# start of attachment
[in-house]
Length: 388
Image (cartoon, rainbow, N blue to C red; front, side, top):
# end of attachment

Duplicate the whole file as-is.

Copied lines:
[in-house]
Length: 388
Image (cartoon, rainbow, N blue to C red; front, side, top):